Heli J. Roy | 7/12/2005 11:10:20 PM
Did you know that Americans consume more ice cream than any other nation in the world? Ice cream is one of the desserts most enjoyed by all ages, from children to grandparents, says LSU AgCenter food and nutrition expert Dr. Heli Roy.
Ice cream has been in the public eye about as long as there has been a United States. The first advertisement for it appeared on May 12, 1777. In 1984, President Ronald Regan designated July as ice cream month.
More than a billion and a half gallons of ice cream and frozen dairy products are produced annually in the United States. According to supermarket sales, the top five flavors are vanilla, chocolate, Neapolitan, butter pecan and chocolate chip.
Roy points out that a full selection of ice cream and frozen dairy products is available, including low-fat, non-fat and no-sugar-added varieties, along with innovative flavors and mix-ins, such as cookies, brownies and cakes.The latest offerings include lactose free ice cream for those who cannot tolerate milk sugar.
What is ice cream actually made of? Ice cream consists of milk and other ingredients. It takes 12 pounds of whole milk to produce 1 gallon of ice cream. The other ingredients, such as fruits, nuts and chocolate chips, are added for sweetening and flavoring. Stabilizers and emulsifiers often are included for texture and flavor enhancement.
Ice cream is usually high in fat, with about 48 percent of calories from fat. By federal law, ice cream must contain at least 10 percent milk-fat.
But it does have a redeeming feature. Despite its fat content, ice cream is a good source of calcium, Roy says.
The U.S. Food and Drug Administration sets labeling standards for ice cream, so you will get a consistent product, no matter which brand you buy. Lots of information may be found on the ice cream labels, but do you know what the labels really mean? Roy offers the following translations:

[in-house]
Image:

Ice cream is best stored in freezer that is not auto defrost for up to one or two months. A thin, plastic film is sometimes used inside the carton to cover commercial ice cream. This prevents absorption of other food odors from the freezer. If this film is missing, Roy recommends using a sheet of wax paper pressed against the ice cream before re-sealing the carton. The texture and, therefore, the quality of ice cream will change over time from thawing and re-freezing in an auto-defrost freezer.
Sometimes, frozen ice cream is hard to scoop. To make your job easier, put the ice cream container in the refrigerator for about 15 minutes to let it soften slightly. To prevent the ice cream from sticking to a scoop, dip the scoop in cold water first.
Since ice cream is a dairy product, it can be part of a healthy eating plan, according to Roy. If you usually follow a healthy diet and eat ice cream just as a treat, you can enjoy a small serving of even the richer varieties - but just once in a while.
"Keep in mind that with ice cream, calories add up very fast," the nutrition expert cautions, adding, "Remember, the key to a healthy diet is portion control."http://www.nationaldairycouncil.org/recipes/Pages/RecipeLanding.aspx